BY JOHN THOMPSON
The Oklahoma State Department of Education annual Vision 2020 conference opened recently as Secretary of Education Robert Sommers announced his resignation. Sommers was a CEO of Carpe Diem charters, and a supporter of the former Indiana Chief for Change Tony Bennett.
Sommers’ exit followed the resounding electoral defeat of State Superintendent and Chief for Change Janet Barresi. It also followed the legislative defeats of high stakes third-grade testing and the withdrawal from Common Core.
Last week’s biggest news was also education-related. Democratic gubernatorial candidate Joe Dorman had once been more of an underdog than those who challenged Superintendent Barresi, but now a Rasmussen poll shows that his Republican opponent, Gov. Mary Fallin, is in a freefall.
Dorman was given the perfect opportunity to proclaim, “We cannot continue Fallin and Barresi’s destructive education policies.”
As Dorman pulled almost even with the incumbent, Fallin repudiated Barresi’s and her own agenda.
The story of how this happened will follow the break.
Vision 2020 also began as the state Supreme Court heard a legal challenge by four State Board of Education members, asking them to halt the legislature’s repeal of Common Core.
Chief for Change Barresi contributed combative talking points to the fray. Even if the Supreme Court expedites its ruling, she said, confusion about standards will reign as the new school year begins. The implication by the conservative Republican was that educators should blame the upcoming chaos on the Tea Party which rejected Common Core. In other words, the venom that Republican leaders once directed at unions and liberals is now aimed at the Tea Party base of their party.
It only took a few hours after hearing oral arguments for the Supreme Court to rule, 8-1, that the repeal of Common Core is constitutional.
Then, during a Vision 2020 workshop, a tech-savvy young teacher checked her phone and exclaimed that we should all read this blog! A rumor was rapidly spreading that Fallin was considering Barresi as a replacement for Sommers as Secretary of Education! This is the account in Brett Dickerson’s Life at the Intersections.
Democratic candidate Dorman jumped on the issue, saying, “This is an absolutely bone-chilling idea for Oklahoma’s education system – but, given how Fallin and Barresi share the same regressive education policies, what’s most scary is how plausible it might be.”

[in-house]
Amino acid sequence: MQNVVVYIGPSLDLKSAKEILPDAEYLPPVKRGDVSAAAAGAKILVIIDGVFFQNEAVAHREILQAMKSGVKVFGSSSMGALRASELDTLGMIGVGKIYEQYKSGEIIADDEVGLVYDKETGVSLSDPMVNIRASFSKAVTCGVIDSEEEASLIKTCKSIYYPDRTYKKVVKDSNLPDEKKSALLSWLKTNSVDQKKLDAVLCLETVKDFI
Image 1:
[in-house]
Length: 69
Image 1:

Dorman, who had gained political momentum after condemning Common Core testing as an “unfunded nightmare,” continued, “Sommers’ retirement gives Fallin a prime opportunity to reverse the June primary results and to continue the ‘Fal-esi’ plan.
Dorman added, “This means more one-size-fits-all high-stakes tests, more flawed A-F grading for schools and continued overall lack of respect for public education. The voters last month soundly repudiated this agenda, but I fear Fallin didn’t get the message.”
The Tulsa World soon proclaimed, Fallin’s Office Says Barresi Not Being Considered for Secretary.
Fallin is belatedly getting the message. She later told the state Parent Teacher Association conference, “Now I’m telling you what my position is as governor. The superintendent is an independently elected official. She has her ideas. I have my ideas.”
According to the Tulsa World’s Kim Archer, in Gov. Mary Fallin Softens Her Stance on Third Grade Reading Test, a PTA delegate responded cryptically, “We heard some new talking points from her.” But the PTA went on to condemn “the overuse of standardized tests in the classroom [which] has taken away the ability of teachers to teach properly.” It called for a moratorium for high-stakes and field tests.
PTA President Jeffrey Corbett explained the votes saying that “testing companies are making millions of dollars off the backs of Oklahoma students.” The big cost, however, is that “We’re losing children. We’re losing the love for learning in our youth.’”
And that brings the week’s stories full circle. It was a diverse group of grassroots coalitions, albeit with excellent leadership, that inflicted so many defeats on corporate education reform.
This may result in the defeat of a seemingly invulnerable governor, as well as high-profile reform leaders. I expect these victories will not be limited to Oklahoma.
– Dr. John Thompson, an education writer whose essays appear regularly at The Huffington Post, currently is working on a book about his experiences teaching for two decades in the inner city of OKC. He has a doctorate from Rutgers University and is the author of Closing the Frontier: Radical Responses in Oklahoma Politics.